BNYVV particles are transmitted by the viruliferous zoospores upon fusion of the vector and the host cytoplasm [47]. This is not a merely passive process, since the transmission is mediated by the benyvirus proteins. The CP-RTD, being exposed in one or a few copies at one end of the BNYVV particles [49], specifically influences the virus transmission [50]. Deletions within the RTD and point mutations of the KTER domain (amino acids 553 to 556 of the RTD) block the fungal transmission [51]. Mutations in the RNA-4 gene also have a detrimental effect on the vector transmission, suggesting that the nonstructural p31 protein assists the BNYVV acquisition and/or inoculation by P. betae zoospores [52][53]. It remains to be determined if the p31 is a bona fide helper component of BNYVV, or its action in the transmission is indirect.

    This entry is adapted from 10.3390/cells10010090

    References

    1. Ng, J.C.K.; Falk, B.W. Virus-Vector Interactions Mediating Nonpersistent and Semipersistent Transmission of Plant Viruses. Annu. Rev. Phytopathol. 2006, 44, 183–212, doi:10.1146/annurev.phyto.44.070505.143325.
    2. Ng, J.C.K.; Zhou, J.S. Insect vector–plant virus interactions associated with non-circulative, semi-persistent transmission: Current perspectives and future challenges. Curr. Opin. Virol. 2015, 15, 48–55, doi:10.1016/j.coviro.2015.07.006.
    3. Whitfield, A.E.; Falk, B.W.; Rotenberg, D. Insect vector-mediated transmission of plant viruses. Virology 2015, 480, 278–289, doi:10.1016/j.virol.2015.03.026.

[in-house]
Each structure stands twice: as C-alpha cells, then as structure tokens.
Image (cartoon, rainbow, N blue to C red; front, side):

4. Lung, M.; Pirone, T. Acquisition factor required for aphid transmission of purified cauliflower mosaic virus. Virology 1974, 60, 260–264, doi:10.1016/0042-6822(74)90383-3.
    5. Armour, S.L.; Melcher, U.; Pirone, T.P.; Lyttle, D.; Essenberg, R. Helper component for aphid transmission encoded by region II of cauliflower mosaic virus DNA. Virology 1983, 129, 25–30, doi:10.1016/0042-6822(83)90392-6.
    6. Schmidt, I.; Blanc, S.; Esperandieu, P.; Kühl, G.; Devauchelle, G.; Louis, C.; Cerutti, M. Interaction between the aphid transmission factor and virus particles is a part of the molecular mechanism of cauliflower mosaic virus aphid transmission. Proc. Natl. Acad. Sci. USA 1994, 91, 8885–8889, doi:10.1073/pnas.91.19.8885.
    7. Plisson, C.; Uzest, M.; Drucker, M.; Froissart, R.; Dumas, C.; Conway, J.F.; Thomas, D.; Blanc, S.; Bron, P. Structure of the Mature P3-virus Particle Complex of Cauliflower Mosaic Virus Revealed by Cryo-electron Microscopy. J. Mol. Biol. 2005, 346, 267–277, doi:10.1016/j.jmb.2004.11.052.
    8. Hohn, T. Plant pararetroviruses: Interactions of cauliflower mosaic virus with plants and insects. Curr. Opin. Virol. 2013, 3, 629–638, doi:10.1016/j.coviro.2013.08.014.